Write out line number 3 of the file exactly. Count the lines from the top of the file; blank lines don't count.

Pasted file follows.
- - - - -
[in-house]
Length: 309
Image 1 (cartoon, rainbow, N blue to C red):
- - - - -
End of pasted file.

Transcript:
Image 1 (cartoon, rainbow, N blue to C red):